Imperial Pacific International (IPI) has been ordered to appoint a new CEO by 10 July by the CNMI’s Commonwealth Casino Commission (CCC).
The order was one of three issued by the CCC this week, the others being to meet its financial obligations to both private vendors and the CNMI government, and to ensure it has money put aside to cover three months’ payroll at all times.
According to Marianas Variety, the CEO order is in response to IPI’s “continuous failure” to appoint a new CEO since the departure of Mark Brown – for the second time in as many years – in December.
“We continuously pressed upon them that it is an utmost urgency that IPI appoint a CEO even at an interim basis or acting capacity,” said CCC Chairman Edward C. Deleon Guerrero. “We have reached the point now where we have no other options except to issue the order.”
IPI announced earlier this week that it had entered into a Memorandum of Understanding for a company called Zhongfeng International Investment Holdings Group Co Limited to subscribe for HK$50 million (US$6.5 million) of convertible bonds.
The MoU comes at a time when IPI finds itself facing multiple court cases over alleged unpaid fees – most notably to its former contractor Pacific Rim which is chasing US$6.8 million for breach of contract and breach of a promissory note following a recent federal court ruling in its favor.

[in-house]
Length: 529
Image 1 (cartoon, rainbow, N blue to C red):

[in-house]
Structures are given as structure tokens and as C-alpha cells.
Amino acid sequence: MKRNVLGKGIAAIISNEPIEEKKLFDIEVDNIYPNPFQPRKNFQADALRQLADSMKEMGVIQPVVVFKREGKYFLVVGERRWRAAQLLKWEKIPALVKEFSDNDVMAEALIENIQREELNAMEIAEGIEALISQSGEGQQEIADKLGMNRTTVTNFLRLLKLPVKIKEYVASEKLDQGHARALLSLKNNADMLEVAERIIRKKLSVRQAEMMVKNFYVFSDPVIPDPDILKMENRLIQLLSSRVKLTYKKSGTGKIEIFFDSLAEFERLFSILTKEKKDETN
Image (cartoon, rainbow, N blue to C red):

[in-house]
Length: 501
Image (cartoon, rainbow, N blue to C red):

A handful of other vendors have also entered complaints over alleged failures to pay for services.
As reported by Inside Asian Gaming, IPI recently warned that it may have to permanently close its Saipan casino, Imperial Palace‧Saipan, pending enforcement of the Pacific Rim ruling which IPI said at the time it was unable to pay.
However, such actions may be taken out of IPI’s hands with the CCC also threatening to suspend the company’s casino license due to its failure to pay US$37 million into a community benefit fund as per its Casino License Agreement.
IPI’s precarious financial state has become increasingly apparent in recent weeks, leading to the Commonwealth Utilities Corp cutting off power to both Imperial Palace‧Saipan and the company’s head office for failure to pay its bills.